Solidarity party leader Tommy Sheridan yesterday announced he was "stepping aside" after flopping at the Holyrood election.

The disgraced former MSP said he was vacating the leadership to "make more time to concentrate on bringing down Rupert Murdoch and his News Group Newspapers empire".

It marks the latest chapter in a career which saw him rise to prominence while co-convener of the Scottish Socialist Party, in charge when the SSP returned six MSPs in 2003 and won 15.2% of the vote in Glasgow.

However, his decision to sue the News of the World newspaper in 2006 over allegations about his sex life split the SSP and he formed Solidarity in the same year. He won the initial court case, but his reputation suffered a severe blow when in 2011 he was jailed for committing perjury in the initial trial.

Solidarity, which he led with fellow socialist Rosemary Byrne, has failed to match the early success of the SSP.

In 2007, Solidarity slumped to 1.5% of the vote nationally and fell to 0.14% four years later, marginally ahead of the Pirate party.

In May’s Holyrood poll, only 14,333 voters backed Sheridan’s party – a paltry 0.6% of the electorate.

In a statement released yesterday, he explained his decision: "I am not standing down, I am stepping aside. Tony Benn relinquished his seat in the House of Parliament in order to concentrate on politics. I am stepping aside as co-convenor to make more time to concentrate on bringing down Rupert Murdoch and his News Group Newspapers empire.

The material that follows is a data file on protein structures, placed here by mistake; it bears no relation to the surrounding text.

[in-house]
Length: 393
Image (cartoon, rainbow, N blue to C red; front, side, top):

"I will clear my name and expose the lies told about me in court and in News Group Newspapers. I will not rest until News Group Newspapers is exposed as a thoroughly criminal organisation."

Sheridan is challenging the perjury conviction through an application to the Scottish Criminal Cases Review Commission.

The fading firebrand also represented himself in court recently in a dispute on the original defamation verdict.

A source close to the party said Solidarity had a “very small” number of members and was “sinking fast”.

His resignation will fuel speculation he is to leave politics after failing to win an election in over 13 years.

Ahead of the May election, Sheridan’s wife Gail made clear the Holyrood poll could be his last.

She wrote: “If less than six out of every 100 voters in Glasgow can’t be bothered voting for him, the message will be clear.

"He is not valued enough and we will demand he comes home to us permanently.

“I will fight hard on his behalf but at the end of the day, if the people of Glasgow don’t want him, that’s fine. We do.”

Councillor Pat Lee has been elected to replace Sheridan as co-convener until the party's conference in October. Byrne will continue in her role.

In recent years, Sheridan has appeared on Celebrity Big Brother, took part in charity boxing matches and tried his hand as a comedian at the Edinburgh Festival.